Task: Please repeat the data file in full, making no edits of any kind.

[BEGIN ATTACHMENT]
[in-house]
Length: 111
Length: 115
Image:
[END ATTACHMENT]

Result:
[in-house]
Length: 111
Length: 115
Image: